The second convolutional neural network (CNN) architecture you posted comes from this paper. In the paper the authors give a description of what happens between layers S2 and C3. Their explanation is not very clear though. I'd say that this CNN architecture is not 'standard', and it can be quite confusing as a first example for CNNs.
First of all, a clarification is needed on how feature maps are produced and what their relationship with filters is. A feature map is the result of the convolution of a filter with a feature map. Let's take the layers INPUT and C1 as an example. In the most common case, to get 6 feature maps of size $28 \times 28$ in layer C1 you need 6 filters of size $5 \times 5$ (the result of a 'valid' convolution of an image of size $M \times M$ with a filter of size $N \times N$, assuming $M \geq N$, has size $(M-N+1) \times (M-N+1)$. You could, however, produce 6 feature maps by combining feature maps produced by more or less than 6 filters (e.g. by summing them up). In the paper, nothing of the sort is implied though for layer C1.
What happens between layer S2 and layer C3 is the following. There are 16 feature maps in layer C3 produced from 6 feature maps in layer S2. The number of filters in layer C3 is indeed not obvious. In fact, from the architecture diagram only, one cannot judge what the exact number of filters that produce those 16 feature maps is. The authors of the paper provide the following table (page 8):
With the table they provide the following explanation (bottom of page 7):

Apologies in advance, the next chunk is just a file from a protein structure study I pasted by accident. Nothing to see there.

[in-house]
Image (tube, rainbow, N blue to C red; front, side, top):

Layer C3 is a convolutional layer with 16 feature maps. Each unit in each feature map is connected to several $5 \times 5$ neighborhoods at identical locations in a subset of S2's feature maps.
In the table the authors show that every feature map in layer C3 is produced by combining 3 or more feature maps (page 8):
The first six C3 feature maps take inputs from every contiguous subsets of three feature maps in S2. The next six take input from every contiguous subset of four. The next three take input from some discontinuous subsets of four. Finally, the last one takes input from all S2 feature maps.
Now, how many filters are there in layer C3? Unfortunately, they do not explain this. The two simplest possibilities would be:
- There is one filter per S2 feature map per C3 feature map, i.e. there is no filter sharing between S2 feature maps associated with the same C3 feature map.
- There is one filter per C3 feature map, which is shared across the (3 or more) feature maps of layer S2 that are combined.
In both cases, to 'combine' would mean that the results of convolution per S2 feature map group, would need to be combined to produced C3 feature maps. The authors do not specify how this is done, but addition is a common choice (see for example the animated gif near the middle of this page.
The authors give some additional information though, which can help us decipher the architecture. They say that 'layer C3 has 1,516 trainable parameters' (page 8). We can use this information to decide between cases (1) and (2) above.
In case (1) we have $(6 \times 3) + (9 \times 4) + (1 \times 6) = 60$ filters. The filter size is $(14-10+1) \times (14-10+1) = 5 \times 5$. The number of trainable parameters in this case would be $5 \times 5 \times 60 = 1,500$ trainable parameters. If we assume one bias unit per C3 feature map, we get $1,500 + 16 = 1,516$ parameters, which is what the authors say. For completeness, in case (2) we would have $(5 \times 5 \times 16) + 16 = 416$ parameters, which is not the case.
Therefore, if we look again at Table I above, there are 10 distinct C3 filters associated with each S2 feature map (thus 60 distinct filters in total).
The authors explain this type of choice:
Different feature maps [in layer C3] are forced to extract different (hopefully complementary) features because they get different sets of inputs.
I hope this clarifies the situation.